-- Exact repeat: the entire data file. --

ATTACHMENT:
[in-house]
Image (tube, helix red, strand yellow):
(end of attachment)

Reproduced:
[in-house]
Image (tube, helix red, strand yellow):